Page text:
From our RHP/AOTSP intern, Rachel, on the mechanics of writing – she makes some great points! Tell us, in the comments, what you think about her methods and how you feel about writing versus typing:
There are many different ways to tell stories. People first told stories orally and through art. As we further developed our languages and made industrial advancements, we moved to writing, making movies, and using the different computer, Internet, and other digital technologies.
I personally tend toward the old-fashioned route when it comes to actually telling my own stories. I like writing. And when I mean writing, I mean the physical act of holding a utensil and moving one’s hand to draw letters. Not typing on a computer. There’s something a bit different that allows my thoughts to flow better when I physically write than anything else. I am sad and a little bit upset when I hear about schools thinking about not teaching students how to hand write any more. They can learn their letters by using the keys on the keyboard. They can type. Why do they need to know how to write? Well, besides the fact that they need to be able to sign their names on receipts and documents and such. For me, it can be therapeutic, it can help me remember things, it can help me get my thoughts out onto a physical thing that I can hold in my hands and scribble on, and it doesn’t rely on any electricity. It’s consistent. It’s concrete. It’s stable. I love writing so much that I’ll volunteer to write in group activities and I’ll write out my lists and outlines by hand before doing anything else with them. I highly doubt I’ll ever use a laptop over paper to take notes. Are future generations going to miss out? I can’t imagine my life not knowing how to write things by hand. What if the power goes out? What if the technology runs into glitches or stops working properly? Will the future generations be at a loss?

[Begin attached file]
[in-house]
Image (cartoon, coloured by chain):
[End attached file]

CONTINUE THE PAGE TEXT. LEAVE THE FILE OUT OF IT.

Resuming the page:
Is technology going to ruin our lives?
But then again, how did we come to be able to mass-produce books, magazines, and other types of literature? How do we continually find ways to reach more people (it’s not called social media for nothing, you know)? Technological advances! I could go back and forth for hours on why technology is helping or hurting our literary culture, or even society as a whole. The bottom line is that we need to find a balance – using technology to our advantage, but also checking to make sure we are protected from its disadvantages.
What are your thoughts?